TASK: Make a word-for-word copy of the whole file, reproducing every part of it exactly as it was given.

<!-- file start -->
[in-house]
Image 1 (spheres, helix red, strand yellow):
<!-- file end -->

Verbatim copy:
[in-house]
Image 1 (spheres, helix red, strand yellow):